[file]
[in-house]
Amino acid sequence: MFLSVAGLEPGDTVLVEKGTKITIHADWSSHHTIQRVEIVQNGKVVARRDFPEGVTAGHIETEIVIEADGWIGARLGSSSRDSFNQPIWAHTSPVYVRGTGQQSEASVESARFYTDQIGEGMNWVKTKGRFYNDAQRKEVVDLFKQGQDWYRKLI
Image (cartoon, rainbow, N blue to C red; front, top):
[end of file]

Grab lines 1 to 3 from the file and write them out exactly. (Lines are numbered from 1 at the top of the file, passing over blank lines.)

[in-house]
Amino acid sequence: MFLSVAGLEPGDTVLVEKGTKITIHADWSSHHTIQRVEIVQNGKVVARRDFPEGVTAGHIETEIVIEADGWIGARLGSSSRDSFNQPIWAHTSPVYVRGTGQQSEASVESARFYTDQIGEGMNWVKTKGRFYNDAQRKEVVDLFKQGQDWYRKLI
Image (cartoon, rainbow, N blue to C red; front, top):